CBE students raise money for books and literacy resources for Calgary schools in need
Local sponsors have so far donated $51,000 to initiative
Calgary students are raising money for books and other literacy resources at their schools as part of a new initiative by EducationMatters, a charitable trust that raises money for programs and resources at Calgary Board of Education schools.
The Loonies for Literacy fundraising program will run for the month of May. Students will raise money for literacy resources through their own fundraising events and community donations.
Alicia Hope-Ross, fund development and communications officer at EducationMatters, said individual schools can decide what literacy resources they raise the money for. That could range from new library books to decodable texts — books that phonetically break down words for young readers.
"It's really up to what the school's needs are," said Hope-Ross.
The amount of funds students raise for their own schools will be matched and distributed to other CBE schools that are more in need, according to EducationMatters. Hope-Ross said local businesses and sponsors will help match those funds. So far, Loonies for Literacy has received $51,000 in donations from sponsors.
Literacy is an overarching need in our society.- Marilyn Field, EducationMatters executive director
"We've been pleasantly surprised about how community members have really come above and beyond," said Hope-Ross.
Marilyn Field, executive director of EducationMatters, said the organization will work with the literacy team at the Calgary Board of Education (CBE) to determine which schools are in need of the extra funding.
"They're hands-on with the schools. They know where there are gaps and where additional resources could be helpful," said Field.
Field said CBE schools can always use more funding for books and other literacy tools.
"Literacy is an overarching need in our society," said Field.
"Yes, the government provides some funding, but we're always needing to update libraries and include new resources, new texts, new information for students."
Ten CBE schools have registered for the initiative so far, said Field.
Equitable school funding
Patricia Bolger, CBE trustee for Wards 6 and 7, said the Loonies for Literacy fundraiser is a great opportunity for students "to involve themselves in their own learning."
"It is certainly nice if they know they are helping, you know, potentially other students in their city," she said.
Bolger said the CBE uses an equity index system when budgeting to determine which schools are more in need of funding and resources. According to Bolger, there are about 168 factors that are part of the equity index, including immigrant or refugee population and parental completion of high school.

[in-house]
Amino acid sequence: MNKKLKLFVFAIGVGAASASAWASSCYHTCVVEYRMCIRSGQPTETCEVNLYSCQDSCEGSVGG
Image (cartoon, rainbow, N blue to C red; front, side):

"We know that there are schools that definitely have higher needs potentially for resources, you know, they might not have … the support [they] might need," Bolger said.
For Nikhil Sonpal, CEO of Calgary-based technology company Mobility Quotient, equitable funding for literacy resources was an important reason to get involved. His company, the lead sponsor of Loonies for Literacy, has donated $25,000.
Sonpal said his own kids are "avid readers," and he and his wife often read together with them.
"There are kids within the school system that can't afford that quote-unquote 'luxury.' It breaks my heart," Sonpal said.
Sonpal said literacy and comprehension are incredibly important skills for tech sector workers.
"I really promote continuous learning, and part of that is elevated comprehension skills," said Sonpal.
"I think that's much needed within the tech industry itself because it evolves so quickly and … I think it needs to happen within the educational system."
Making up for pandemic learning losses
One important reason for starting the literacy fundraiser now is to make up for the negative effects on students' learning during the COVID-19 pandemic, said Field.
Field said not all parents were able to be involved in their children's learning at home during the pandemic. Educational gaps developed among students over the past two years.
"I think right now everyone is concerned about, you know, what are those gaps in literacy? What are those gaps in math?" she said.
"We all know that reading is so very important, and if we don't intervene at the younger ages … even for the older kids or the new immigrants and people like that coming in or refugees, then we really are doing a disservice to the students."
Bolger agrees that funds raised through Loonies for Literacy will help get students back on track after learning disruptions caused by the pandemic.
"We're just trying to meet all students' needs across the entire board," Bolger said.
Field and Bolger said they hope Loonies for Literacy becomes an annual fundraising event for CBE schools.